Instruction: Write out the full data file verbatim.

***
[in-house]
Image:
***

[in-house]
Image: